Self proclaimed Naughty Youth Crew.

30.01.12 Lund, Sweden – Mengarden
31.01.12 Stockholm – Sweden – Skarpnäcks Kulturhus
01.02.12 Örebro, Sweden – KF Stationen
02.02.12 Västerås, Sweden – Växhuskällarn
04.02.12 Essen , Germany – Angry Youth Fest
05.02.12 Hamburg, Germany – Rote Flora
06.02.12 Mannheim, Germany – Tbc
08.02.12 Zagreb , Croatia – Akc Attack
09.02.12 Novi Sad, Serbia – CK13
10.02.12 Budapest, Hungary – Tbc
11.02.12 Vienna, Austria – Venster 99
12.02.12 Kosice , Slovakia – Collosseum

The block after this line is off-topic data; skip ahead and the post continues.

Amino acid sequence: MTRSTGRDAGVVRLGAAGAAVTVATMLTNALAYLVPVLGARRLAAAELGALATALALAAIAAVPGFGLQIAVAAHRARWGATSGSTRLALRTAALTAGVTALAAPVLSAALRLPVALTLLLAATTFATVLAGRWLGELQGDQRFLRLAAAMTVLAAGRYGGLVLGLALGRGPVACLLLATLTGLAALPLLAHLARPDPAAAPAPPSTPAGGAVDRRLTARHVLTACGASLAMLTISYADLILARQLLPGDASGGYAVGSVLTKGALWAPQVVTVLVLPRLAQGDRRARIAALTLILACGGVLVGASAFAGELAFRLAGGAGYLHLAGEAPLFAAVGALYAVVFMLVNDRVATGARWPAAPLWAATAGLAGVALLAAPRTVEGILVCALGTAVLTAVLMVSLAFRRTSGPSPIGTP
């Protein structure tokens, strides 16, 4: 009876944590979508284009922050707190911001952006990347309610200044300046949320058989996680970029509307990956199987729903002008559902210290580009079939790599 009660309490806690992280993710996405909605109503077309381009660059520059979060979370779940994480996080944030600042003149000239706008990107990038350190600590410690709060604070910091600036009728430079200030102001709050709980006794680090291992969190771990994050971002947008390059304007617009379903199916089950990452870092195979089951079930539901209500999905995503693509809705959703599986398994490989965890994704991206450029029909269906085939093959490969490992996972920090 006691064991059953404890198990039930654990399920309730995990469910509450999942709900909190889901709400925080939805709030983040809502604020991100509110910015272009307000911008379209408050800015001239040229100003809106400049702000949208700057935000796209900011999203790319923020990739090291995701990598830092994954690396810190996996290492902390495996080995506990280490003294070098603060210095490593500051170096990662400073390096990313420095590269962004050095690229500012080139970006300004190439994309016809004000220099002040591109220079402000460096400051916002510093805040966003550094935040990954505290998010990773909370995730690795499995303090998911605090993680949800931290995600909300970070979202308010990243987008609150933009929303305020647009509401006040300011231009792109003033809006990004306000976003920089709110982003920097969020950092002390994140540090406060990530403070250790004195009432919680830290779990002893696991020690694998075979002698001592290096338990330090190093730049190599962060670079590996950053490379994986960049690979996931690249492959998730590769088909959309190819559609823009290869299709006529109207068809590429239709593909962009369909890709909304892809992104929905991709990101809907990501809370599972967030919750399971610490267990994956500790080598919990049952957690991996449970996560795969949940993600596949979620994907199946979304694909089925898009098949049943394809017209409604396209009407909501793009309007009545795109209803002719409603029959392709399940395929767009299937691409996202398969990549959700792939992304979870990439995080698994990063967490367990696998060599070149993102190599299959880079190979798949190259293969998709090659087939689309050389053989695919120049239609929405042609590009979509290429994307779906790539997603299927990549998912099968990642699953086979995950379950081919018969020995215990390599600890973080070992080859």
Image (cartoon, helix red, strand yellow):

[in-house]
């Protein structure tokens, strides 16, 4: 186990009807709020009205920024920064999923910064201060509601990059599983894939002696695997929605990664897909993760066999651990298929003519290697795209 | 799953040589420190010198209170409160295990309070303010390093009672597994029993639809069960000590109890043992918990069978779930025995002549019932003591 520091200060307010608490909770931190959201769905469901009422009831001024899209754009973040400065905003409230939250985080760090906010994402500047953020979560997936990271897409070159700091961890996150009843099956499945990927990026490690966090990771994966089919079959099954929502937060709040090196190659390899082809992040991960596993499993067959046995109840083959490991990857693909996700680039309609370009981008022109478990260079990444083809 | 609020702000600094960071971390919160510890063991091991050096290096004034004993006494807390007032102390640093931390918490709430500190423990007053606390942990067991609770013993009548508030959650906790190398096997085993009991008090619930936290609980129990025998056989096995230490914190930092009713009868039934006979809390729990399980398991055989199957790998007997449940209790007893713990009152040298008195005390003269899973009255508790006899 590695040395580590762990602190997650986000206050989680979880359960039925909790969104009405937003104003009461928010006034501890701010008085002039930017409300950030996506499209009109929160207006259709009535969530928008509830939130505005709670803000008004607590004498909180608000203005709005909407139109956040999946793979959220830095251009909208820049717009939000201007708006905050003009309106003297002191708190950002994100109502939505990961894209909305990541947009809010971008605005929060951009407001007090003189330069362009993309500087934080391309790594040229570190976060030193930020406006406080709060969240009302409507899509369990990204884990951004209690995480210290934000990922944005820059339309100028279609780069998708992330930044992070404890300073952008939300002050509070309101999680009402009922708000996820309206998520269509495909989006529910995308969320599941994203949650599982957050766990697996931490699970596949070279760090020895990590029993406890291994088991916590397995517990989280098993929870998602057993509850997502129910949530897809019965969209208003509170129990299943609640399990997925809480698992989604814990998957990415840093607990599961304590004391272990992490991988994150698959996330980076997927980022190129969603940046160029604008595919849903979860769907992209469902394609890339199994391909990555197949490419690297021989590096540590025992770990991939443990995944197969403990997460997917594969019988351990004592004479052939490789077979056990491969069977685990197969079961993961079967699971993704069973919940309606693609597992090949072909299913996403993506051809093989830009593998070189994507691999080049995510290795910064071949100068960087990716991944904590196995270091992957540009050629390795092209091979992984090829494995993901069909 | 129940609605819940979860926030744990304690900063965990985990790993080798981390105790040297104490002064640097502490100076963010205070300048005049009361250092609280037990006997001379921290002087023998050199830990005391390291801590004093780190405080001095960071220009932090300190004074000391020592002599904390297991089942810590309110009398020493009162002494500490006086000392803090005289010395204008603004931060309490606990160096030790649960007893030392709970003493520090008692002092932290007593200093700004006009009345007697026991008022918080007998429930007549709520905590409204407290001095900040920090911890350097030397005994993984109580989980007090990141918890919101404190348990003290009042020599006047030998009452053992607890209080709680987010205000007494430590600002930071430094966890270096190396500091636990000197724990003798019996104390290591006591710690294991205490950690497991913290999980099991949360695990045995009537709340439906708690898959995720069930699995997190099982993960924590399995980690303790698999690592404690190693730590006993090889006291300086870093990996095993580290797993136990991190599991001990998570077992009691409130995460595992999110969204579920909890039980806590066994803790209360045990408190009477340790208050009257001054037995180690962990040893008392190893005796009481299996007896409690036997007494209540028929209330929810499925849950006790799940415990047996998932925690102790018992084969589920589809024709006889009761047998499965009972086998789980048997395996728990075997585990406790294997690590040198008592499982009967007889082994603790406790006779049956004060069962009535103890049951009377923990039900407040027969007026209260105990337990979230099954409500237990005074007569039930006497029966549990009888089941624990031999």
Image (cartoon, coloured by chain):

13.02.12 Warzawa, Poland – Punkt & Radio Luxembourg
14.02.12 Gdansk, Poland – Sesja
15.02.12 Poznan , Poland – Pod Minoga
16.02.12 Leipzig, Germany – Zoro
17.02.12 Hermsdorf, Germany – Jugendhaus
18.02.12 Ieper, Belgium – Ieper fest
19.02.12 Hasselt, Belgium – Carpe Diem
20.02.12 Lowesoft, UK – The Sea Breeze,
21.02.12 Birmingham, UK – The Actress & Bishop
22.02.12 London, UK – Star Of Kings
24.02.12 Wunstorf, Germany – Wohnwelt
25.02.12 Prague, Czech – Café Na Půl Cesty
26.02.12 Berlin, Germany – Cassiopeia

Monday, January 16, 2012

Man Is The Bastard – D.I.Y.C.D.

Man Is The Bastard – D.I.Y.C.D.
Mediafire -
Release - 1995

Story by Davin Bernard, singer of Kingdom.